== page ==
Court of D.ije County, Fl.-ridi
FRANK DENNISQN
LBWISON FREED
Attorney* for Petitioner
4'h5 Industrial National Bank Bldg.
7/31. 1/7-14-21
ATTENTION
ATTORNEYS!
solicits four legal nattcee.
We appreciate your
patronage and auaraniee
accurate eerrtce at Itxjai
rates .
Phone FR 4-4366
tor meseenger eerrloe
-E3AL NOTICE
NOTICE UNDER
FICTITIOUS NAME LAW
NOTICE IS HEREBY GIVEN that
the undersigned, desiring to engage In
business under the fictitious name of
SPDS-PR-DI'DS at 177". N W -4th
St. Miami. Fla Intends to register
said name with the Clerk of the Cir-
cuit Court of Dade Countv. Florida.
NIGHT AND DAY. INC.
HAROLD A. GREENE
Attorney for Night Day. Inc.
14r21
NOTICE UNDER
FICTITIOUS NAME LAW
NOTICE IS HEREBY GIVEN that,
the undersigned, desiring to engage in
business un.ler the fictitious name of
sl.IM or. AM A Intends to regi
name with the Clerk of th- < ircult
Court of Pad* County, Florida.
SLIM ill -self. INC
HAROLD A. GREENE
Attorney for slin.-lr-^lfMnc.^^
NOTICE UNDER
FICTITIOUS NAME LAW
NOTICE IS HEREBY GIVEN that
the undersigned, desiring to engage In
business under the fictitious name of
STATE MORTGAGE '"tends to reg-
ister -aid name with the* ( lerk of the
circuit Court of Dade County *******
SYLVIA W. FRIEDMAN.
Sole Owner
M. RAY FRIEDMAN
Attorney for Applicant
" NK 2n'' AV' 7/31. '7-14.21
NOTICE UNDER
FICTITIOUS NAME LAW
NOTICE is HEREBY GIVEN that
the undersigned, desiring to engage In
business under the fictitious name .f
BAV-ON MORTOAOE intends to reg-
ister said name with the Clerk of th
h sirida.
NOTICE UNDER
FICTITIOUS NAME LAW
?TICK is HEREBY GIVEN that
i ni d, desiring to engage In
' under the fictitious nam.- el
lil.KIt SHOE STORE at 1211 W.
ler St., Miami S3. Fla.. Intend*
f -ni name with the Clerk
circuit Court of Dade County,
I.l... i
[HANNAH SPTTON. sole owner
S/M-28. /-ll
NOTICE UNDER
FICTITIOUS NAME LAW
?tick is HEREBY GIVEN that
.i.i signed, desiring to engage in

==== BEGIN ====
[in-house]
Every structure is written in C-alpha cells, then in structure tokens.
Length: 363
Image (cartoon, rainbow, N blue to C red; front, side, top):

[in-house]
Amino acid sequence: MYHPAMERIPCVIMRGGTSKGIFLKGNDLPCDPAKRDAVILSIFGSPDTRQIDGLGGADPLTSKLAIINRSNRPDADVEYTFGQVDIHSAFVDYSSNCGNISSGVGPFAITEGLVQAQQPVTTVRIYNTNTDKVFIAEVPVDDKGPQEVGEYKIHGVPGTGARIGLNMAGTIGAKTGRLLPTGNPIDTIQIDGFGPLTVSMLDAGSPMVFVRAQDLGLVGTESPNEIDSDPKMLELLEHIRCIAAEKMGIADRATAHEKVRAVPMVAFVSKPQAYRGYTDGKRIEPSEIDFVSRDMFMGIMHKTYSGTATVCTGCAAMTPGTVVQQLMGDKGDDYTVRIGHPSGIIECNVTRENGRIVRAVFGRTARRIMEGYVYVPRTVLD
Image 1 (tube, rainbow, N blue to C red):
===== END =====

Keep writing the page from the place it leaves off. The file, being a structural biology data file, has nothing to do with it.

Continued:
-- under the fictitious name of
S SHOE STORE at 7950 NE
I \ Miami intends to register
with the Clerk of the Ctr-
l' of Dade County, Florida.
WILLIAM II SI'IRER
M V\l I. BRENNER
I for Applicant
in Road
8/H-21-2*. /4
NOTICE UNDER
FICTITIOUS NAME LAW
NOTICE 18 HEREBY GIVEN that
the undersigned, desiring to engage In
bus
UK
ICE
Ufa* I
SERVICE CLCI1: "intends to register
said names with the Clerk of the Cir-
cuit Court of Dade County, and In
other parts of the State of Florida
PARAMOPNT ADVERTISING
PITBLIC RELATIONS A
PROMOTIONS, INC.
'l4-21-M,9/4
General
NOTICE UNDER
FICTITIOUS NAME LAW
NOTICE IS HEREBY Gl\ EN that
the undersigned, desiring to engage In
business under the flrtlHou* name of
ADVANCE RESEARCH BCREAI at
UOl Congress Building Intends to
register said name with the Clerk of
the Circuit Court of Dade County.
"'"'*" EDWARD J. JAPHE
WELI.ISCH. IKHHIII'KTY a ZAIAt
Atii.ineys for Advance
Reaearch Bureau. g/l4.2,.3g. ,/4
NOTICE UNDER
FICTITIOUS NAME LAW
\"TlCE is HEREBY GIVEN thai
- under I
Ol'M VENDOR SERVICE al ll*
B \\ .:i h St: '. MU hi. I >a !
him with th<
li
HENRI K .-' il.l.ow.W
Sole owner
_________< 7-14-21-2"
N THE COUNTY JUDGE'S COURT
IN AND FOR DADE COUNTY.
FLORIDA. IN PROBATE
No. 44S11-B
In RE Batata ..f
FBRNANDO II NtflBEN
NOTICE TO CREDITORS
To All Creditors and All Persons Hav-
ing Claims or Demand* Against Said
You are hereby notified and required
t,. present any claim* and demands
which vou may have a"n!n- estate of FERNANDO H NISSEN de-
cea*ed late of Dade County. Elorlda
to the County Judges of Dade County
and file the same in their office* In
the CotUlty Courthouse In Dade Coun-
ty, Florida, wlthm eight calendar
months frorh the date of the first pub-
lication hereof, or the same will be
barred. ___ _
EDNA SAVAGE, Executrix
By: Richard Altahuler
RICHARD ALTSIlli.KR
Attorney
aO, Seybold Bid*. Tm, ,.,.
NOTICE UNDER
FICTITIOUS NAME LAW
NOTICE is HEREBY OIVEN that
the undei-lw.....I, deslrlni; to eiafaUjM i:
-s under the tlctltiou* name <.f
Mima A Thomas Manufacturing '"'
Pnlnoorporated S W r.oth Circuit Court o* Dade I gunty.^Ftorl
s-r-t. Miami 42, Florida In'-nd to s^l.MA w FRIE
register sal i n ime with tl I "!< ol
the circuit Court of Da
la.
Ft .RRR.T N vims
.1 PAUL TH< '
- .-;
So'.- i iw ner
J FRIEDMAN
\m,.: ti. y for Applicant
\ i: 2nd At*.
"-14-21
NOTICE BY PUBLICATION
IN THE C'RCUIT COURT OF THE
ELEVENTH JUDICIAL C'RCU T OF
FLORIDA IN AND FOR HADE
COUNTY. IN CHANCERY.
No. 5C 7360
koSKI.I.A LOWS,
Plaintiff
\
i. B Mi Bl RRi 'W.S,
li.i.n lent
SUIT FOR DIVORCE
To: I. H Mi BURROW s
Route l
Flnl- .....rgia
You are hereby notified that Com-
plaint for Divorce has been filed
anainst you, .u..l you are required to
serve a copv of your Answer on the
Plaintiffs attorney. BERNARD B.
WEKRIjER. Sou Industrial Bank Build-
ing, Miami St, Florida and fie the
original thereof in the office of the